Because the device acts so quickly, patients experience relief before accompanying symptoms like light-sensitivity, sound sensitivity and nausea can happen.

ENeura is the only non-invasive non-drug option proven effective at relieving migraines. It’s so effective in fact that, at his wife’s suggestion, Fischell used it to cure a cancer patient’s foot pain and is now revising the device to cure all human pain.

An "Unrelenting Desire to Overcome Obstacles"

While his life is testimony enough of education turned entrepreneur, Fischell added more specific advice for the Stevens crowd. "Give yourself the opportunity to get lucky," he said. "Problems can create excellent opportunities for innovation."

Fischell also pointed out that much of his success was due to hard work, and "the harder I work, the luckier I get." He emphasized that not following the path and creating a new path for others to follow often leads to the best discoveries.

Fischell even got philosophical, saying that the difference between what’s possible and impossible isn’t determined by anyone other than the inventor. "I would be a wealthy man today if I had a dollar for everyone who told me my ideas wouldn’t work," he said. In Fischell’s experience, the most important qualities an engineer can have are "perseverance and unrelenting desire to overcome obstacles," he said.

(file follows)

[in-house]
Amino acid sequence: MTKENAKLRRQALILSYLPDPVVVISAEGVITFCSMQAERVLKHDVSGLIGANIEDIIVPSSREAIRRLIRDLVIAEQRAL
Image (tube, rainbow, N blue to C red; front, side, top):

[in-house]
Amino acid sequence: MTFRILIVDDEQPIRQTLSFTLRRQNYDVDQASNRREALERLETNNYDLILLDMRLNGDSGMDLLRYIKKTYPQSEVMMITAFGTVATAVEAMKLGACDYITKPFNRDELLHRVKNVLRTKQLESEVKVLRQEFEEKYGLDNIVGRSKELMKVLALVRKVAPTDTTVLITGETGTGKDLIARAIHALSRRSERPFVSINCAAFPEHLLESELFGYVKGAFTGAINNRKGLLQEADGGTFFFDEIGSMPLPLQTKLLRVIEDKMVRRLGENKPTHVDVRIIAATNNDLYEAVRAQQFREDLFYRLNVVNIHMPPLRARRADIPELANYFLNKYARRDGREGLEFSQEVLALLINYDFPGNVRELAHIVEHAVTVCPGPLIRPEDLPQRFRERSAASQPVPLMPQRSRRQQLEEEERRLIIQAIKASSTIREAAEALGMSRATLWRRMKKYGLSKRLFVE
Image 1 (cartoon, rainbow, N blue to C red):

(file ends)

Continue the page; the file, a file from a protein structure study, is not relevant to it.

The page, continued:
Overall, he left the Stevens community very inspired. Including Provost Pierre:

"Dr. Fischell has been an influential scientist and entrepreneur for many years and it was fascinating to hear him share the stories behind some of his many achievements,” said Dr. Christophe Pierre, provost and vice president for academic affairs at Stevens. “His long history of employing technology to improve lives aligns with Stevens’ focus on solving societal problems. I congratulate Dean Zu for bringing such a distinguished speaker to Stevens as part of her effort to build a world-class, prominent school of engineering and science."

For more information about Dr. Fischell and the SES Dean’s Lecture Series, please visit the event page.

Dean Zu and Robert FischellDean Jean Zu presents Robert Fischell with a watch from Stevens.